The Science Journal of the American Association for Respiratory Care

2007 OPEN FORUM Abstracts

A DIFFERNCE OF A PRESSURE WAVE FORM IN GRAPHIC DISPLAY OF SOME VENTILATORS

H. Noguchi1

Background: Current generation ventilators have graphic displays to assist in the clinical evaluation and management of patients. Clinicians frequently use pressure, volume and flow scalar waveforms. During pressure-targeted ventilation, the pressure versus time waveform is used. The displayed pressure is usually measured at either the patient Y, the inspiratory pressure transducer or at the expiratory pressure transducer. We evaluated the pressure versus time waveform on five current generation ventilators.

Method: Each ventilator was connected to the Michigan Instruments Training Test Lung (TTL) with the standard circuit. Pressure was measured at three points (inspiratory limb at the ventilator outlet, patient Y piece and at the expiratory limb at the ventilator inlet) using a pressure transducer (PF-300). Ventilator settings: Mode: CPAP with PSV; PEEP 5 cm H2O; PSV 15 cm H2O. TTL settings: Resistors: # 5 and # 20; Compliance 20 and 50 mL/cm H2O). Spontaneous breathing was simulated using the TTL as previously described by various authors. Ventilators evaluated: Puritan Bennett 840, Drager Evita XL, Maquet Servo-i, Viasys Avea and Hamilton Galileo.

Results: The pressure waveforms on the PB 840 and Drager Evita XL appear to be the average inspiratory pressure and average expiratory pressure. The pressure waveform on the Servo-i, appears to display expiratory pressure at the time of inspiration and then display inspiratory pressure at the time of expiration. On the Viasys Avea, the pressure waveform displays inspiratory pressure at the time of inspiration, and the expiratory pressure at the time of expiration. On the Hamilton Galileo, the pressure is measured at the patient Y piece.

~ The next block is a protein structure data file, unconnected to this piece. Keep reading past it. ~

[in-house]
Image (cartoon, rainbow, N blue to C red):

Conclusions:
There are many kinds of ventilators in Japanese hospitals. It is important to know the characteristics of each ventilator. We were able to confirm that there were four different types of pressure waveforms. When evaluating compliance and airway resistance of a patient, and when evaluating pressure waveforms, it is important to understand that pressure waveforms are different on different ventilators.

 



You are here: RCJournal.com » Past OPEN FORUM Abstracts » 2007 Abstracts » A DIFFERNCE OF A PRESSURE WAVE FORM IN GRAPHIC DISPLAY OF SOME VENTILATORS